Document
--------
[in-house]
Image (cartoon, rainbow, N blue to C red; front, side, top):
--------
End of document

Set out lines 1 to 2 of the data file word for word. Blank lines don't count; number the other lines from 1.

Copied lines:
[in-house]
Image (cartoon, rainbow, N blue to C red; front, side, top):